n one of those days when the term "civil war" comes out of his mouth with rising frequency, Rildo Anjos is standing under the cold, neon light of his shooting range cradling an Israeli Masada in his arms, a model that has only recently become available on the Brazilian market. One of his customers has brought the weapon along with him and Anjos – a wiry, 56-year-old Navy reservist with a carefully trimmed beard who is frequently found wearing a 9 mm Glock in his belt – couldn't help himself. He was simply too curious.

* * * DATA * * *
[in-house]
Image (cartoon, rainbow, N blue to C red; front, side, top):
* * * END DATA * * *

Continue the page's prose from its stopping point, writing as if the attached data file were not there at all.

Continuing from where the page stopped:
"Let's see how convincing she is,” he says as he chambers a couple of rounds before the eager eyes of his fellow gun enthusiasts. He then pulls on his hearing protection and takes aim at a cardboard silhouette of a body set up toward the back against a pile of car tires.